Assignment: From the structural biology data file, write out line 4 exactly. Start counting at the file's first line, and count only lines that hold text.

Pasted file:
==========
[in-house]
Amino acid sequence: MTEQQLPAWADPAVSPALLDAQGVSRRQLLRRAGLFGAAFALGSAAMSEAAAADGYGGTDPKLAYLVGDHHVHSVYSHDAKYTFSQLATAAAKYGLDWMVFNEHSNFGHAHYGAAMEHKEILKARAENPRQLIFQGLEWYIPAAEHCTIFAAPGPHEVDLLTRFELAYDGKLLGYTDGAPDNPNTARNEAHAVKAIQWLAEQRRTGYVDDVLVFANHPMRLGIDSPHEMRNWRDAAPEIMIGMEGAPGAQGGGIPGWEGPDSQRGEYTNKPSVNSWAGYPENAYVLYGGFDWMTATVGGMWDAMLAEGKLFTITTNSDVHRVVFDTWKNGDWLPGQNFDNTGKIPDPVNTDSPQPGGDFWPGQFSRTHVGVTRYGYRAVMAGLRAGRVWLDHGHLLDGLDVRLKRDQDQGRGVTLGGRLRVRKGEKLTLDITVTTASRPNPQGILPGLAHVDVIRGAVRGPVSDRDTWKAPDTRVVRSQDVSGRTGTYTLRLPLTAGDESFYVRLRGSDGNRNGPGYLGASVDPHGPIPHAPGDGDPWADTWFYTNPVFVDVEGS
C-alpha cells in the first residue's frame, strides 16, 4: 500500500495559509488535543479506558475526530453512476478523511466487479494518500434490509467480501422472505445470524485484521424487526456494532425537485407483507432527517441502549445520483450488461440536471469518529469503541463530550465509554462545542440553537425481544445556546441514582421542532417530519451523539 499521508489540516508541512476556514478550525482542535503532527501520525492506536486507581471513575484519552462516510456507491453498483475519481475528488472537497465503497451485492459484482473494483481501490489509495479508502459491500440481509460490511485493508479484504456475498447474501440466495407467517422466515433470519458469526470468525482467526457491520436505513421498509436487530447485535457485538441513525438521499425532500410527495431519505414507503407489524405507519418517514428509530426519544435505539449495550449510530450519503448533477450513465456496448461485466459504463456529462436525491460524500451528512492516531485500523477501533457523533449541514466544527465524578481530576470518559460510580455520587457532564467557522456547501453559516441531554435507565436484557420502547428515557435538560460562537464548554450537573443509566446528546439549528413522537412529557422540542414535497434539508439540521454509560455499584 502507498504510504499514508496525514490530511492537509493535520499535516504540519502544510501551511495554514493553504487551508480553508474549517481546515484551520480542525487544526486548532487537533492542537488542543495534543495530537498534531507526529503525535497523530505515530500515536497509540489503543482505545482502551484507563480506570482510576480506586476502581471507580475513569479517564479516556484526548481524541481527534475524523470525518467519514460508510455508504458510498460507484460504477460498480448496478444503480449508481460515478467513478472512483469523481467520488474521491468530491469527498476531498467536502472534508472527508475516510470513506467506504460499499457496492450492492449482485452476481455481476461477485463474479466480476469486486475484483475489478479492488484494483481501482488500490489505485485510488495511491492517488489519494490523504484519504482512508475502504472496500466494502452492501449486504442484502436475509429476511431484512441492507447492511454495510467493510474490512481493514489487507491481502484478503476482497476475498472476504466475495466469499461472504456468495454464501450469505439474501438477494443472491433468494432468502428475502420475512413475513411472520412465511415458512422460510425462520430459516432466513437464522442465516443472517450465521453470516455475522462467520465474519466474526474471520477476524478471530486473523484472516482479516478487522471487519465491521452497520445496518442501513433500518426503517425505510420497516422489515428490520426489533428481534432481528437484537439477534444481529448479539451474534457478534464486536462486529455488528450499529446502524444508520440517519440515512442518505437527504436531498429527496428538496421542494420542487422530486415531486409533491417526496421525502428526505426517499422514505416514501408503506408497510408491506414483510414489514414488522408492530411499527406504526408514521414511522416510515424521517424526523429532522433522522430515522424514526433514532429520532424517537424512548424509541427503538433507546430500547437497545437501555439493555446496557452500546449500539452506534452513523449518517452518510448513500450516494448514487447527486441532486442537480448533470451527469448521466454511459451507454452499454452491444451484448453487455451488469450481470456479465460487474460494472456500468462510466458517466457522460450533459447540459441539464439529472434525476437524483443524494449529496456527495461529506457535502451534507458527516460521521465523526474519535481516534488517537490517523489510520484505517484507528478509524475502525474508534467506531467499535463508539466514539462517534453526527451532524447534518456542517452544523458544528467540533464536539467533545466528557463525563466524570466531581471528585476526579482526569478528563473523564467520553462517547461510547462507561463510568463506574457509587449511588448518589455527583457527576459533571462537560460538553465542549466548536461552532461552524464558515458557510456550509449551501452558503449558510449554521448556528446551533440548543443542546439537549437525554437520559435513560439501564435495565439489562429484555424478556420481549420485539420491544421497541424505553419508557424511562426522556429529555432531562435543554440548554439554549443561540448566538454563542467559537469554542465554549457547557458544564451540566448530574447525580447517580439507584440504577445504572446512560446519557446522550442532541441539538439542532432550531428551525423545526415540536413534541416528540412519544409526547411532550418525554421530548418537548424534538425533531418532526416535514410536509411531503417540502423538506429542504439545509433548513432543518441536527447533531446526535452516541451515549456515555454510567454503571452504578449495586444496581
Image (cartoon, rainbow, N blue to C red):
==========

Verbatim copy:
Image (cartoon, rainbow, N blue to C red):